What you need to know:
- The directorate attributed the decline to a standoff between Pakistan and Kenya over suspected aflatoxin in local tea.
- On February 2, the Pakistan Tea Association said the requirement for aflatoxin tests had been reversed, coming as a relief to Kenyan tea stakeholders.
- Pakistan is the number one buyer of Kenyan tea and last year made purchases worth Sh50 billion.
Kenya’s tea exports to top buyer Pakistan dropped by half or Sh3.7 billion in January compared to the same month last year as stringent rules on aflatoxin tests depressed sales.
Data from the Tea Directorate indicate the earnings declined from Sh7.4 billion realised in January last year to Sh3.7 billion in a corresponding period this year.
The directorate attributed the decline to a standoff between Pakistan and Kenya over suspected aflatoxin in local tea, a move that slowed buyers from making huge purchases due to uncertainties. The standoff came after the Asian state introduced new tests.
“Obviously the decline in sales was a result of the requirement for an aflatoxin certificate for Kenyan tea, which has so far been removed,” said an official from the directorate.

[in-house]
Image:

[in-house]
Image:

On February 2, the Pakistan Tea Association said the requirement for aflatoxin tests had been reversed, coming as a relief to Kenyan tea stakeholders.
In January, the Plant Protection Board of Pakistan issued a directive that all tea imports from Kenya must undergo aflatoxin tests, a move that Nairobi protested saying the fungus was not a common occurrence in the produce.
Pakistan is the number one buyer of Kenyan tea and last year made purchases worth Sh50 billion, representing about 40 per cent of the country’s total earnings from the beverage.
Tea exports to the country dropped to 12 million kilos in January this year from 24 million kilos in a corresponding period last year, highlighting the testing directive’s impact.
Kenya’s tea has been under threat from major buyers with the issue on standards cropping up in the recent past.
Last year, a dispute over standards between Kenya and Iran threatened sales of the commodity to the Asian country. The row resulted from the different standards on the level of moisture content in the tea between the two countries.
Iran gets the bulk of its tea from India and Sri-Lanka with Kenya supplying about 20 million kilogrammes of the 120 million kilos that Iran imports annually.
The country is still embroiled with Sudan over the shelf life of Kenyan tea. The sell by date of the Kenya's beverage is three years but Sudan wants it to be reversed to one and a half years.
The move had an impact in 2016 with sales to Khartoum dropping 30 per cent.